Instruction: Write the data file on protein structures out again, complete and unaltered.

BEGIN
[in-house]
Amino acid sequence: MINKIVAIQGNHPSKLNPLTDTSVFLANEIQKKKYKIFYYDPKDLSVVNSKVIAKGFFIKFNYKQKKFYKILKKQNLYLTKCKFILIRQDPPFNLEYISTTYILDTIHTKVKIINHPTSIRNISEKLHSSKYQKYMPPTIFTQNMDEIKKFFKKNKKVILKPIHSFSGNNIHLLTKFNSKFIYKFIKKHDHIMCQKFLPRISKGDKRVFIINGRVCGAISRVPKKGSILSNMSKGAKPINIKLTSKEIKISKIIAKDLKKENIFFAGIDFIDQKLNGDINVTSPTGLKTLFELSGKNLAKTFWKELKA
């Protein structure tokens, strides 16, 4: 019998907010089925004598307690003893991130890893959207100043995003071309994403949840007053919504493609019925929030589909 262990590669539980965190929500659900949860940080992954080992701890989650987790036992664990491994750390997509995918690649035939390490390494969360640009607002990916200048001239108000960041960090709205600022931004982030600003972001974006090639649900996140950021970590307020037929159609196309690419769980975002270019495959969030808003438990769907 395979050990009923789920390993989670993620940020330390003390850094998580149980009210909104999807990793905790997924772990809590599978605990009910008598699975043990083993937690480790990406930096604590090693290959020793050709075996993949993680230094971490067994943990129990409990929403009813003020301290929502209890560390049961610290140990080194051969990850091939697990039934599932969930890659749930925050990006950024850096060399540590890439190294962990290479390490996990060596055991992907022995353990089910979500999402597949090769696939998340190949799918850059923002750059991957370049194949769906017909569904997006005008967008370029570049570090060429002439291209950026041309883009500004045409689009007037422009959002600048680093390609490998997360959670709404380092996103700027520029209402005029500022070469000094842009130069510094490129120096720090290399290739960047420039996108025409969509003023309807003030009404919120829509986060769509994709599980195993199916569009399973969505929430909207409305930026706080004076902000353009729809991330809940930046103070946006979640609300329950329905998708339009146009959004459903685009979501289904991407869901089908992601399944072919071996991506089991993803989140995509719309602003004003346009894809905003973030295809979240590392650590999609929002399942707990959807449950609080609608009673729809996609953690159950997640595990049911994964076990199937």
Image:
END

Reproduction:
[in-house]
Amino acid sequence: MINKIVAIQGNHPSKLNPLTDTSVFLANEIQKKKYKIFYYDPKDLSVVNSKVIAKGFFIKFNYKQKKFYKILKKQNLYLTKCKFILIRQDPPFNLEYISTTYILDTIHTKVKIINHPTSIRNISEKLHSSKYQKYMPPTIFTQNMDEIKKFFKKNKKVILKPIHSFSGNNIHLLTKFNSKFIYKFIKKHDHIMCQKFLPRISKGDKRVFIINGRVCGAISRVPKKGSILSNMSKGAKPINIKLTSKEIKISKIIAKDLKKENIFFAGIDFIDQKLNGDINVTSPTGLKTLFELSGKNLAKTFWKELKA
């Protein structure tokens, strides 16, 4: 019998907010089925004598307690003893991130890893959207100043995003071309994403949840007053919504493609019925929030589909 262990590669539980965190929500659900949860940080992954080992701890989650987790036992664990491994750390997509995918690649035939390490390494969360640009607002990916200048001239108000960041960090709205600022931004982030600003972001974006090639649900996140950021970590307020037929159609196309690419769980975002270019495959969030808003438990769907 395979050990009923789920390993989670993620940020330390003390850094998580149980009210909104999807990793905790997924772990809590599978605990009910008598699975043990083993937690480790990406930096604590090693290959020793050709075996993949993680230094971490067994943990129990409990929403009813003020301290929502209890560390049961610290140990080194051969990850091939697990039934599932969930890659749930925050990006950024850096060399540590890439190294962990290479390490996990060596055991992907022995353990089910979500999402597949090769696939998340190949799918850059923002750059991957370049194949769906017909569904997006005008967008370029570049570090060429002439291209950026041309883009500004045409689009007037422009959002600048680093390609490998997360959670709404380092996103700027520029209402005029500022070469000094842009130069510094490129120096720090290399290739960047420039996108025409969509003023309807003030009404919120829509986060769509994709599980195993199916569009399973969505929430909207409305930026706080004076902000353009729809991330809940930046103070946006979640609300329950329905998708339009146009959004459903685009979501289904991407869901089908992601399944072919071996991506089991993803989140995509719309602003004003346009894809905003973030295809979240590392650590999609929002399942707990959807449950609080609608009673729809996609953690159950997640595990049911994964076990199937």
Image: